David began planning the work while he was imprisoned in the Luxembourg Palace in 1795. France was at war with other European nations after a period of civil conflict culminating in the Reign of Terror and the Thermidorian Reaction, during which David had been imprisoned as a supporter of Robespierre. David hesitated between representing either this subject or that of Homer reciting his verses to the Greeks. He finally chose to make a canvas representing the Sabine women interposing themselves to separate the Romans and Sabines, as a ‘sequel’ to Poussin’s The Rape of the Sabine Women.
David began work on it in 1796, after his estranged wife visited him in jail. He conceived the idea of telling the story, to honour his wife, with the theme being love prevailing over conflict. The painting was also seen as a plea for the people to reunite after the bloodshed of the revolution. Its realization took him nearly four years.
The painting depicts Romulus’s wife Hersilia – the daughter of Titus Tatius, leader of the Sabines – rushing between her husband and her father and placing her babies between them. A vigorous Romulus prepares to strike a half-retreating Tatius with his spear, but hesitates.
The rocky outcrop in the background is the Tarpeian Rock, a reference to civil conflict, since the Roman punishment for treason was to be thrown from the rock. According to legend, when Tatius attacked Rome, he almost succeeded in capturing the city because of the treason of the Vestal Virgin Tarpeia, daughter of Spurius Tarpeius, governor of the citadel on the Capitoline Hill. She opened the city gates for the Sabines in return for ‘what they bore on their arms.’ She believed that she would receive their golden bracelets. Instead, the Sabines crushed her to death with their shields, and she was thrown from the rock which since bore her name.[original research?]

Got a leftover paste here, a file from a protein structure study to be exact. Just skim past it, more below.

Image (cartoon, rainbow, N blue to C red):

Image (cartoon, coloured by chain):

In 1799 David exhibited the The Intervention of the Sabine Women at the Louvre, where it attracted a large number of paying visitors until 1805. After the expulsion of artists including David from the Louvre, the picture could be found in the ancient church of Cluny, which he used as a workshop. In 1819 he sold the Sabines and his Léonidas at Thermopylae to the Royal Museums for 10,000 francs.